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Coming and Going

     Republican state representative Rick Geist of Altoona who is also chairman of the House Transportation Committee has an idea.
     Since we’re starting to see more and more people buy increasingly fuel efficient vehicles, he’s worried that the tax realized by the state from the sale of gasoline is going to dwindle.
     So he’s thinking about taxing you by the mile.
     Mr. Geist says he knows the tax at the pump is the fairest way to go, that according to a story in the Pittsburgh Tribune-Review. But if we start seeing more Chevrolet Volt’s (I haven’t seen any), Nissan Leaf's (Leaves?) and other hybrid or fuel efficient vehicles, those drivers won’t have to use as much gas as they did when they were driving the cars they preferred used to drive. 

     So he plans to include funding in the transportation budget for a study to figure out whether taxing us by the miles we drive would plug the gap.
     And sure, collecting the mileage tax would be more costly and complicated than collecting the fuel tax. And yes installing a meter on every car (something wrong with the odometer?) would also be expensive and time-consuming. And no one has explained, as far as I know, how buying a hybrid which can come with a sizable government subsidy jibes with then having to also pay to drive it, usual costs notwithstanding. But sometimes in Harrisburg ideas of any sort are so few and far between that any idea that comes along gets serious consideration.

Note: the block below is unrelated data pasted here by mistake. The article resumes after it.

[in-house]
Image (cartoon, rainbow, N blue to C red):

If everything pointed in the right direction, the mileage tax would replace the state’s portion of the tax on a gallon of gas. But even with the elimination of the gas tax I still don’t think the idea will be too popular.
     For starters you’ll have tourism bureaus and retail associations wailing about people’s reluctance to pile up their tax liability by the simple act of getting to the amusement park or the mall.
     Then there’s the issue of driving out of state. Can the commonwealth tax those miles? How will they determine which miles were driven in PA and which were not?

     And what about interstate truck traffic that comes in one end of PA and out the other a few hours later? How do you collect their mileage tax?
     Then there will be the inevitable issue of exemptions. Who will get them? Gas drillers? State vehicles? The state taxing itself is just dumb but that doesn’t mean state vehicles don’t chew up pavement just like your car and mine.
     What about commuting? Would the state want to make you pay to drive back and forth to work?
     The whole idea reminds me of the tax on cigarettes. Some of that money goes to promote anti-smoking efforts. So the more people who smoke, the more money is generated to talk them into quitting. Sounds like both ends working against the middle.
     Maybe we ought to ask our elected officials in Harrisburg to reconsider another change. Maybe it’s time to ditch “The Keystone State” and replace it with “Pennsylvania: State of Confusion.”

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Locations : Pennsylvania
People : Rick Geist

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